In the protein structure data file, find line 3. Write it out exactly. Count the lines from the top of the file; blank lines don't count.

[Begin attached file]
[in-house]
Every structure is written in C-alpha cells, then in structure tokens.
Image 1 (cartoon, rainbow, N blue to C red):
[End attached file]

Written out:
Image 1 (cartoon, rainbow, N blue to C red):